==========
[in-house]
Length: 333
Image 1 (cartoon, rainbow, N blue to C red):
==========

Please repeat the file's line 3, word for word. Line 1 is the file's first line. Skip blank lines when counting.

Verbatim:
Image 1 (cartoon, rainbow, N blue to C red):